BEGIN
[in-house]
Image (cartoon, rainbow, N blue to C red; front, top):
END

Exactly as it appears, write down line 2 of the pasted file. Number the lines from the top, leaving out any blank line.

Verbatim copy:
Image (cartoon, rainbow, N blue to C red; front, top):